Kendrick Lamar – Real

I’m real, I’m real, I’m really really real.

I’d heard a single or two from Kendrick Lamar over the past year, and knew I liked his voice and style but never bothered to grab his Section.80 mixtape. So anyone else who’s heard his official debut good kid, m.A.A.d. City can imagine how completely my hair was blown back in surprise: his bravura storytelling prowess, easy-like-falling cadence, all-star lineup of peripheral talent behind the mic and mixing boards; most of all, the entire album comes together in a cohesive narrative which completely justifies the subtitle of “A short film by Kendrick Lamar.” The spoken interludes are not only enjoyable but essential to wrapping the entire package up. Presented as a series of voicemail tape recordings from Lamar’s mother while he’s out on the town in her borrowed minivan, the final episode unfolds within this song, flipping aspiration to inspiration and leaving a lump in my throat.

Whether it’s the Erykah Badu-like hook and bouncing beat or the way “love” acts as a prism through which several verses are refracted, something about this track in particular allowed it to burrow under my skin and seal the wound from inside. Since Lamar is such a gifted storyteller this almost feels like a spoiler to share a song near the end… but it’s too good to keep to myself. If you haven’t heard the album yet, do yourself a favor and try possibly the best major label release I’ve heard in years.

There he is, eating cereal and sporting what looks like the exact haircut I had in 1991.

You can grab the album on Amazon, but I’m waiting for a vinyl copy.

6 thoughts on “Kendrick Lamar – Real

  1. Pingback: URL

  2. Those pants are amazing.

    I’ve been pretty addicted to that new Kendrick lately. Glad I didn’t “spoil” it for myself when I first saw this post, it definitely has more of an effect if you hear it near the end.

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    • It’s a perfect end to the album’s narrative. In fact I think it could have been a great end to the album itself; Compton feels like a bonus track after the emotion & finality of this one. Plus, the tape which started with track one finally winds down here! Then, boom! Dre feature! It’s a good song though so I won’t begrudge it.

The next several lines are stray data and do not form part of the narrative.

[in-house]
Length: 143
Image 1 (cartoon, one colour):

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  3. The sonic mix-and-match keeps the album unpredictable, but also leads to some bloat, with seemingly more attention paid to lengthy spoken interludes than to potent hooks. Several songs feel half-formed and meandering — for instance, “Real” is a ridiculous 7:24. And on “Bitch, Don’t Kill My Vibe,” K-Dot leans on that title line to the point of annoyance. These moments aren’t helped when Lamar breaks into a nasally, Urkel-esque voice for some of the sing-songy parts.

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    • You may be a bot but in case you aren’t: despite the fact that there are plenty of hooks on the album, this is more about the long-term goal of a full experience than a succession of hooks which add up to nothing. The non-music parts could have been shorter, but after a few full runs though the album they feel indispensable. More than that, they’re enjoyable – not something to merely tolerate between verses.

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